In St. Paul, the city's housing finance agency swapped for securities more than $10 million of mortgage revenue bonds, which were credit-enhanced by Fannie Mae.

Lenders participating in the HomeStyle pilot must be experienced in rehabilitation lending, and those selling second mortgage rehab loans must be specifically approved by Fannie Mae.

Setting standards

To provide guidance to a market that has grown up with fewer standard documents or procedures, Fannie Mae is developing uniform procedures to help lenders originate and administer this business. A lender workbook and consumer brochure describing the various HomeStyle financing options are designed to help lenders and homeowners cut through the rehabilitation lending maze and understand the process more fully. Both are available through Fannie Mae's regional offices.

Make remodeling work for you

Underwriting the loan is the first in a series of steps that make solid renovation lending possible. Fannie Mae requires the lender to use an appraiser experienced in rehabilitation or construction lending, who can balance two pre-loan appraisals ("as-is" and "as-completed"), and who can make an accurate valuation of the property's worth when the project is completed.

If a second mortgage structure is used, the lender must balance the inherent risk of the second mortgage by lending with protection to the first mortgage. Mortgage default insurance on the second mortgage guards against this risk.

Many experienced rehab lenders keep an experienced contractor on staff to manage the myriad aspects of rehab lending. "The best cost-benefit analysis...and control is done with an in-house staff," says John Carlisi, Fannie Mae's director of community relations and a former rehab lender. "Cost overruns, contractor errors, noncompletion of repairs, loan-to-value exposure--all are variables that must be successfully managed," Carlisi adds.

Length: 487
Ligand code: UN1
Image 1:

This on-staff contracting expert can obviate problems such as disbursing funds before all the work is complete; making sure there are no mechanics' liens placed on the property (by subcontractors who are not paid by the borrowers' contractor), and monitoring other issues commonly associated with remodeling projects.

Also, because timed disbursements often are part of the remodeling/rehabilitation loan process, the lender will need to have his or her staff expert, or some other designated professional, make sure that work has been completed at the required intervals.

"For the most part, this is very local lending. The lender must know the area, valuation, the market and so forth...and be aware of the environment," says Carlisi.

Ensuring that the work that is done represents top-quality workmanship is another area of concern for the lender and the homeowner. Fannie Mae encourages borrowers and lenders to work with experienced, qualified contractors who meet all applicable state and local registration or licensing requirements.

Making the remodeling pay

Then, there's the issue of valuation. Will the proposed improvements add value to the property? In every case, the lender must judge the valuation of the improvement, which is determined by the local economy and the neighborhood. In some places, kitchens are worth more than bathrooms; in others, decks are worth more than bedrooms.

There are a number of instances where a home addition will not add dollar-for-dollar to the sales value of the property. For example, if a three-bedroom house sells for $100,000, market demand is for three-bedroom houses, and it costs $30,000 to add a fourth bedroom, then building the additional bedroom may increase the property's value by only $10,000. In such a case, the loan might still be feasible, if the borrower puts cash in or if subordinate funding can be obtained from another source, such as a local housing agency or a non-profit group.